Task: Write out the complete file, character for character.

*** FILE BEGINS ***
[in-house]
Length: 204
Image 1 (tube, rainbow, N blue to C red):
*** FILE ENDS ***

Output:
[in-house]
Length: 204
Image 1 (tube, rainbow, N blue to C red):